My perfect smartwatch is a mashup of the LG Watch Style and Fossil Q
A hybrid watch would be the perfect smartwatch if it just had Google Assistant built in.
I’ve been seriously ruminating over this since reviewing the LG Watch Style. I thought I would still be wearing the smartwatch by now, that it would be the device that would get me back into daily life with Android Wear. It’s not; the smartwatch has since been been relegated to the bottom of my jewelry box and replaced with a hybrid variant from Fossil.
The Fossil Q Tailor can only do half of what the Watch Style can do — if at that, since this is a mechanical smartwatch we’re talking about here, with no screen in sight. If I want notifications, for example, I have to assign each of my special contacts to a number on the dial. As a result, I don’t use notifications.
And then I discovered what the Fossil Q hybrid can do, and that’s all the simple stuff I’d wear the Watch Style for anyway. It can track my sleep, show me the time in another country, and wake me up every morning. Maybe the reason I don’t use Android Wear is because it actually does too much.
Settling with simplicity
You can imagine the surprise when I tell people that my mechanical watch is actually connected to my phone via Bluetooth. I’ve only been wearing the Fossil Q for two weeks, but it’s already become a staple in my wardrobe. The watch connects to my Pixel XL with the Fossil Q app, which offers notification controls and and the ability to set up an alarm and second time zone. The app also allows me to program the functionality of the Fossil Q’s three side buttons, one of which can be programmed to stop and start music playing from the phone. There’s even a tiny progress meter on the inside of the main watch face that displays the day’s step counts. When you’re checking the time overseas, the watch hands will move accordingly and hold for a brief second.
The Fossil Q Tailor.
The Fossil Q also doesn’t require nightly cradle docking. When the battery dies — the progress of which I can check in the Fossil Q app — I’ll have to go out and buy a coin cell lithium battery at the cornerstone (or off Amazon) and manually place it in there by popping the back cover off of the watch. The Fossil Q is ostensibly a real watch; it just has some technological enhancements.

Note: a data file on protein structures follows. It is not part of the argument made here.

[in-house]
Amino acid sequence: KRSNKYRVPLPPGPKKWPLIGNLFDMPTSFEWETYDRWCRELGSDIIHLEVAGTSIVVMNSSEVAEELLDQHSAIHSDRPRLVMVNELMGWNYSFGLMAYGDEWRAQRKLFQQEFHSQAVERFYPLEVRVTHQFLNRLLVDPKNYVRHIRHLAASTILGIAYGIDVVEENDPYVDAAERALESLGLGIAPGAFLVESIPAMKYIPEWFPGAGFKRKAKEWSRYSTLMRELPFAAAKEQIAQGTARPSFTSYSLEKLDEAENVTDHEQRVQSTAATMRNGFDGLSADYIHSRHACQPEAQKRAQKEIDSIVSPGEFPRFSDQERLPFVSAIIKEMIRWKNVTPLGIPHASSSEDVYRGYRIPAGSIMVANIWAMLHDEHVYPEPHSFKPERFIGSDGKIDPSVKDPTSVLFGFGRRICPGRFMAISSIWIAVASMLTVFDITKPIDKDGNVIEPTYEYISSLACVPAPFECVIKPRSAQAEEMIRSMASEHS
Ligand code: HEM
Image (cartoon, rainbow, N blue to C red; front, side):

What if there was a version of Android Wear optimized for mechanical watches?
I was especially thankful for the fact that it doesn’t require a constant charge after the Watch Style could barely hold on during the week of Google I/O. The Watch Style sports a meager 240mAh battery, and with notifications blaring at it all day, it barely managed 12 hours on one of the smartphone-heaviest days of the year. I rued packing the Android-powered watch in the first place, especially since all I wanted was to count my steps and see the time. In the end, the Fossil Q ended up being my go-to.
What could be
The Fossil Q Tailor on top of the (seemingly always in need of a charge) LG Watch Style.
The last few weeks of living this sort of duplicitous watch life has made me think more about what I actually want from a wearable. The Fossil Q is a reliable mechanical watch with solid battery life and all the basic functionalities a girl can ask for. But it’s severely limited when it comes to all that extra stuff that Android Wear has, like Google Assistant, and the ability to reply back to messages hands-free.
Charging the battery every six months rather than every day: priceless.
So, what if there were two versions of Android Wear? What if there were something that could be loaded onto mechanical watches and offer all the benefits of Google Assistant and hands-free message replies without having to sport a giant screen? Essentially, the mechanical watch would a Bluetooth-connected remote for your smartphone’s functionality. Finally, the smartwatch could stand up on its own as practical, and stylish, accessory.
That’s not to say that there is no practical use to the LG Watch Style. Rather, it just seems that there are too many different types of watch users for there to be a one-size-fits-all model for Android Wear. Maybe the future of wearables isn’t in how much the device can do, but how smartly it can marry the old and new in a way that people want to wear it everyday.
See at Amazon
- Everything you need to know about Android Wear 2.0
- LG Watch Sport review
- LG Watch Style review
- These watches will get Android Wear 2.0
- Discuss Android Wear in the forums!